When a film is made, sets are built and decorated to make a story seem real. And now in Massachusetts, when filming is done, those sets are having real-life impact, empowering people trying to rebuild their lives to design their own homes, free of charge.
Films start from nothing but an idea. If it's set in a home, walls need to be found or built. And the rooms need to be filled.
"Say we're decorating a dining room," explained Melissa Cooperman, a set decorator and buyer for films and commercials shot in Massachusetts. "We'll need a table, we'll need chairs, carpet, dishes, glasses, artwork for the wall, lighting, curtains, and window treatments."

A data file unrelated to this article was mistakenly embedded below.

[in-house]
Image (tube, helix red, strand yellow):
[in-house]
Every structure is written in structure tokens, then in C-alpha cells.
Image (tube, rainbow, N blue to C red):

When a film wraps, the producer needs to decide what to do with the accumulated stuff, often an abundance of home goods.
Cooperman worked on the 2014 television mini-series "Olive Kitteridge," which was shot on the North Shore and Cape Ann. It had a fully-furnished house and apartment, and fully-stocked drug store.
"They said they wanted to donate everything," Cooperman recalled. "I knew we'd have truckloads going to great thrift stores, but I really wanted to find an organization that gave directly to people in need."
Enter Project Home Again. Its 5,000 square foot warehouse is in the basement of an industrial building in Lawrence, packed as far as the eye can see. Though well-organized, there's barely enough space to walk through. For 16 years, it's been donating home goods to people trying to rebuild their lives. Since "Olive Kitteridge," it's absorbed sets from over 20 films and 30 commercials shot in-state.
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